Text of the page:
SOUTH AFRICA - South Africa is making commendable progress in maintaining its Foot and Mouth Disease (FMD) free zone status, says Agriculture, Forestry and Fisheries Minister Senzeni Zokwana.
The Department of Agriculture, Forestry and Fisheries, together with the provincial governments of Limpopo, Mpumalanga and KwaZulu-Natal, have finalised discussions on infrastructure, specifically fencing and dipping tanks.
The infected and protection zones are only found in the demarcated areas of Limpopo, Mpumalanga and KwaZulu-Natal provinces.
Minister Zokwana said on Monday that last month, the Scientific Commission for Animal Diseases (SCAD) of the World Organisation for Animal Health (OIE) affirmed that South Africa has made commendable progress to comply with the relevant requirements for the maintenance of its FMD free status.
“The SCAD made additional recommendations with regard to the separate dipping days in the FMD protection zone and the high surveillance area of the free zone in KwaZulu-Natal, that the dipping of cattle from the protection zone must be [done] after the cattle from the free zone.
“They also took note of the actions taken at the relevant abattoirs that slaughter animals from the protection zone, but would need clarification on how the veterinary services will ensure compliance and provide training to abattoir staff,” he said.
Minister Zokwana said they remain vigilant in dealing with the issues of FMD and its impact on the livestock sector remains. He said next year, the first batch of veterinarians will be deployed to assist in expanding the footprint in dealing with animal health issues.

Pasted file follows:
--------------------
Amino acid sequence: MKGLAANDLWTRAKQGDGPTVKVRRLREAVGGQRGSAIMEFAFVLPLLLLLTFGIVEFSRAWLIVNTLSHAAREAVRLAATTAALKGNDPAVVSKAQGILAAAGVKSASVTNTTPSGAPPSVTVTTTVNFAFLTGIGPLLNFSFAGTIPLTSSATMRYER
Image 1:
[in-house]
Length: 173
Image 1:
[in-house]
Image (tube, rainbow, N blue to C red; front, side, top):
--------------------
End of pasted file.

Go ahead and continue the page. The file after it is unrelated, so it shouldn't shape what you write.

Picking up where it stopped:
Fencing and dipping tanks
As part of safeguarding animal health, Minister Zokwana said repair and maintenance of fencing is taking place on the South African/Zimbabwe border, where more than 40 kilometres of border fencing has been completed.
As a temporary measure, cattle from the protection zones and the high surveillance area of the free zone in KwaZulu-Natal are now dipped on separate days.
He said for a more permanent solution on the issue, KwaZulu-Natal has prioritised funding to construct 10 further dip tanks starting this month.
The KwaZulu-Natal Department of Agriculture and Rural Development has also committed to construct the fences on the eastern boundary of Ndumo Game Reserve in an effort to prevent buffalo and cattle contact. The project is expected to be completed in June.
Minister Zokwana said standard operating procedures (SOPs) have been developed to address the handling of carcasses in abattoirs that slaughter animals that originate from protection zones.
Currently, Limpopo will manage the two abattoirs that are slaughtering such animals, while the KwaZulu-Natal abattoir is still under construction.
The Minister said a total of 300 000 doses of FMD vaccine were ordered from Botswana Vaccine Institute and distributed to Limpopo and Mpumalanga provinces.
He said vaccination of cattle is in progress and is expected to be completed by the end of March 2015.
“A further 300 000 doses were also requested to be produced by Onderstepoort Veterinary Institute (OVI) and the batch is expected to be delivered in April this year. Studies to assess the efficacy of the FMD vaccine are being carried out by OVI and a final report is expected soon,” he said.
Mpumalanga and Kwazulu-Natal have already started erecting FMD signboards at all major roads that pass through the different FMD control zones and the project is expected to be finalised by the end of this month.
Limpopo has already put up all their signs (40 signs at 20 entry/exit points), while the red line fence construction in KwaZulu-Natal is progressing well and will be finalised by the end of May this year.
FMD is one of the most contagious animal diseases and causes deaths mainly in young animals through inflammation of the heart muscle.
TheCattleSite News Desk